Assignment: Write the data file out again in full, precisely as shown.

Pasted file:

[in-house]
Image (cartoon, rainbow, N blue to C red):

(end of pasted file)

[in-house]
Image (cartoon, rainbow, N blue to C red):